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  5. When a man is amputated or maimed or attained infirmity on account of battle related incident or self developed hypertension or neurosis it is attributable to military service because he has been kept under duress and strain no time to retire or relax, matter is compounded by family problem.

    all should be treated equally in the matter of granting disability allowances whether it is pay based percentage or slab system. bodily pain and ailment are evenly endowed to all by the nature.

    other rank who lost his leg in the battle is not made of wood, others not made of gold all are human beings

    why the discrimination in the grant of disability award come to logic conclusion

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  6. karunakaran a ex havildarOctober 22, 2016 at 10:09 AM

    sir,

    if you go very deep in the reasons for contracting diseases , the main thing is alcohol, officers are blessed with 14 bottles of liquor per month, that could be the possible reason to acquire hypertension all sorts of diseases

    that should be curtailed, alcohol consumption on lavish scale may lead to coronary colon related and hypertension, that is the main factor

    i do not say other rank is holy cow, if you let them free they may resort to act of un discipline , always put them under knuckle

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  7. In disability pension,it is always decided after CPC declaration.first
    It should be demanded it to decide
    Before.secondly,pobr are never asked to give suggestion,in fact pobr are
    To obey as per command is what to eat,to wear,when to on leave. even
    After disability they rarely retain
    All their medical board paper are being signed before rsmb.so it is to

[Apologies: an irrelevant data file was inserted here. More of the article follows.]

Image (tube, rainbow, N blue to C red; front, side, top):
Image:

Misery of board decision.as strength
    Is counted jco no would not be less
    To match disabled commissioned officer even length and age will
    Match. Who ever is represening in
    Committee,contrast are only to commissioned officer,rarely forpbor.
    it clearly indicate,whenever slab system is impose, it is in single slab forall officer rank,but the same is not in pobr.it is clear cut
    That there is some lack in decision
    Even NGIS benefit are not extended,
    If one is retain in service with disability.as per disability act 1995 ,one should be given promation
    Should be not be boarded out.even if
    There is no policy for pobr to do
    Some pre release course to seek second carrier to ease to life.even
    One's pension will start after prolong duration with misery of pcda
    I hope all these policy areproposed
    By our senior official. At least now in list these point in future arrangement.even in playing gulf in
    Golf club which in defence land,ask govt to forward post where disabiled
    Can be employed by parting some training.even time have come when we can ask govt to plant eye/limb to one by one which are donated by general public to whom you all protect. In this i regret if some one is happy by my article.